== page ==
Second scenario: the Muslim Brotherhood will take radical action by either stepping down and out of politics, or claiming exceptional new authorities to rule in these exceptional times. President Morsi and the leadership of the Justice and Freedom Party attempt to hold onto power perhaps too narrowly, which has diminished their capacity to communicate better and more modestly. As a result, they seemed at a loss facing the mounting public pressures and at times in denial over the need to make serious initiatives, not mere gestures, towards their former partners in the revolution. Be that as it may, I don't think they are about to relinquish authority now after they enjoyed the taste of power.

Third scenario: the opposition, especially the part of which supported the old regime, will take over from the Muslim Brotherhood under the cover of the military intervention. Emboldened by the momentum of the streets to oust the president, it goes on to win future elections in coalition with anti-Islamist parties against a humiliated Brotherhood. This scenario not only makes unrealistic assumptions regarding the Muslim Brotherhood and its potent organisation, it also underestimates Egyptians' true desire for positive change going forward, not backward. Make no mistake, the Muslim Brotherhood is not going anywhere and would more likely enter into confrontations to defend its turf than surrender to the opposition or the lackies of the old regime.

However, considering that Brotherhood is far less likely to be able to rule alone, and the opposition wont be able to do the same, the only truly viable option - in the intermediate and long term, and one that fulfills the demands of the revolution - is the reversal of the logic that governed the political process over the last two years. It begins by having a true national dialogue among equals, i.e. among the political and civic groups representing the Egyptian people and their revolution over the identity, constitution and roadmap of a democratic Egypt. This would necessitate forming a representative forum for such dialogue, along with a transitional government, all of which would pave the way towards a sustainable model of power-sharing in a future Egypt. Alas, easier said than done.

Marwan Bishara is the senior political analyst of Al Jazeera English and the author of The Invisible Arab: The Promise and Peril of the Arab Revolution .


The Egyptian army announced Egypt's first democratically elected president, Morsi, rule was over on July 3 [AFP]

History's greatest reset button has been hit.

After 887 days of protests, tear gas, tanks, camels, horses, tent cities, marches, birdshot, live ammunition, ultras, great music, torture, rape, disappointments, spears, knives, Facebook campaigns, undercover thugs, military detentions, men with scimitars, show trials, elections, referendums, annulments, arson, police brutality, negotiations, machinations, committees, strikes, street battles, foreign bailouts, extreme theatre, revolutionary graffiti, television drama, Leninist study circles, and Salafi sit-ins, Egypt's young revolutionaries have managed to do the near impossible: force the “nizzam” - the system - to restart a deeply flawed transition process in a manner which, at least at the surface, puts civilians in charge of a fraught transition process that was likely doomed the first time around the moment SCAF took control.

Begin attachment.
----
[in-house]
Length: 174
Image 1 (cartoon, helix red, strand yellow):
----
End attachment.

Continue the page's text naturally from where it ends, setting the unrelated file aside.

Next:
It was a warm but confusing evening on February 12, 2011, when I reached the rooftop restaurant of one of Zamalak's classic “boutique” hotels, having been pushed out of a Tahrir Square whose celebratory mood had already begun to sour, as Salafi activists stormed some of the stages where the revolution's heroic artists were about to perform and gangs of men began what has become the horrifically predictable ritual of hunting women in the crowd to rape. The mood at the restaurant was giddy but also quite naturally apprehensive, as almost two dozen of the main young activists of the January 25 revolution, along with some more senior activists, were discussing the most urgent question before them:

Should the protests continue and press the military even harder to force it to agree to a civilian-controlled transition, as occurred in Tunisia, or should the protesters acquiesce to a military-led transition and rely on the army's goodwill and their now clearly established people power to ensure stability during the coming months and give the Egyptian people time to recover after a breathless 18 days.

The situation truly was unprecedented. As if in some movie fantasy fight, the seemingly “98-pound weakling”- a youth-led Egyptian civil society- had managed to land a massive right hook against the heavyweight champ - the Egyptian military, one that knocked him to the ground and left him shaken and exposed. Another barrage of punches could potentially put him down for good. Should you move in and try to finish him off before he's had time to recover? Or would doing so expose you to the full fury of a cornered lion, now suddenly awakened and ready to attack without mercy to, quite literally, disarm the threat before him.